Friday, August 7, 2009

More responses to the "chill winds" comment

Not sure how I missed this:
Sean O Laoire's letter to the Tanaiste.

Engineers Response to the Tanaiste's comments

The response of Engineers Ireland to the Tanaiste's choice comments are below. This was sent out to all members.

While I applaud them for lobbying the Minister and making their position clear, I think they may have missed an opportunity. They took the opposite tactic to the RIAI, but maybe a little of both would have been better? Perception is key, and perceived inaction can be as damaging as actual inaction.

Dear _____,

You may have heard or read An Tánaiste Mary Coughlan T.D.’s comments last week regarding certain professions, including engineering, increasing their competitiveness and delivering better value for the benefit of the economy
You may have also read the subsequent letters from architects and engineers that have been published in the national media since.

As the representative body of all engineers in Ireland, we have regular meetings with Government ministers where we keep them updated on issues within the profession. Just 36 hours after the Tanaiste’s comments, I met with Minister for Labour Affairs Dara Calleary T.D. to brief him on our CPD Accredited Employer Scheme, the contribution that engineers make to Ireland’s economic well being and the key role that the profession will play in achieving the Government’s objectives in relation to the Smart Economy. I showed the Minister the clean bill of health letter we received from the Competition Authority following their analysis of our Profession as well as speaking with him about our belief that the regulation / licensing of the profession is necessary in order to maintain standards. I also took the opportunity to express my dismay at An Tanaiste’s remarks and our disappointment that she was so poorly informed.
I did stress to Minister Calleary that we will engineer our way out of this recession.

We have chosen not to respond to the comments in the newspapers via the letters pages of the national media nor write directly to An Tanaiste at this time, primarily because of the timing of our meeting with Minister Calleary. We have a plan in place that will help us achieve our overall goals and we believe that we should stick to this path, using private meetings with ministers to further our cause. However we will continue to use the media, in all its facets, when the occasion requires and circumstances allow.

I do hope this clarifies our position.

John Power
Director General
Engineers Ireland

Thursday, July 23, 2009

Architects respond to Tanaiste gaffe

If you haven't taken the survey yet, please click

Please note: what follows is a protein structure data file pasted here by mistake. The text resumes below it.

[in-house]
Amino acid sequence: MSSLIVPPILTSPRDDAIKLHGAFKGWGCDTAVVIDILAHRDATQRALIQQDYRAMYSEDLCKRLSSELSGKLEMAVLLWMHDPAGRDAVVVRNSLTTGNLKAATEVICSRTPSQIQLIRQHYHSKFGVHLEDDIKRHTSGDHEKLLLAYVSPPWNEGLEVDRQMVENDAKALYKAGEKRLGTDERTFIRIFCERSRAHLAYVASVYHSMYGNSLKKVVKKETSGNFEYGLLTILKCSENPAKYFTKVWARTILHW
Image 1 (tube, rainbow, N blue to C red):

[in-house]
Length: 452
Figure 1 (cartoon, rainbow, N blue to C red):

The Irish Times letters page today is very interesting, with lots of responses from architects (and one dentist!) to the Tanaiste's comments, including one from John Graby in the RIAI.

There was also one letter representing an office in Limerick, expanding on how they have been affected. Most offices are reluctant to broadcast how bad things currently are, so it was refreshing to read an honest account of the current situation facing their practice.

Many of us wonder at how the general public can be unaware of just how widespread unemployment & 3 day weeks amongst architects are at the moment, but as most people on reduced hours are instructed not to tell clients or others about it, perhaps this is not such a surprise.

Hats off to those who wrote in and were unafraid to put their names in ink.

Tuesday, July 21, 2009

In case things weren't bad enough already

Front page of the Irish Times today...

THE TÁNAISTE has warned a number of professions that the Government will not back down in its drive to increase competition and get better value as it tackles the economic crisis.

Specifying “engineers, architects, the legal profession, dentists and others”, Mary Coughlan told the MacGill Summer School at Glenties, Co Donegal, last night she would be submitting a report to Government on the issue before the end of the year.

Observing that there were sectors which had yet to feel the “chill winds of economic reality”, the Tánaiste said “certain professions” had yet to reveal how they intended to reduce fees and charges and she went on to accuse them of “economic conceit”.

Link to Irish Times article

I think architects have felt the "chill winds of economic reality" already, judging by the results on the survey so far. Only 24% of respondents have had neither a pay cut nor a reduction in hours. I suspect that most of that 24% are public sector architects.

Saturday, July 18, 2009


If you haven't taken the survey yet, please click

There are ostensibly three architectural organisations in Ireland, the RIAI, the AAI and the IAF.

In their own words:

The Royal Institute of the Architects of Ireland, founded in 1839, is the representative body for professionally qualified architects in Ireland.
The objects of the RIAI are the advancement of Architecture and the associated Arts and Sciences, the promotion of high standards of professional conduct and practice and the protection of the interests of architectural training and education.

The Architectural Association of Ireland was founded in 1896 ‘to promote and afford facilities for the study of architecture and the allied sciences and arts, and to provide a medium of friendly communication between members and others interested in the progress of architecture’.

The new kid on the block is the Irish Architectural Foundation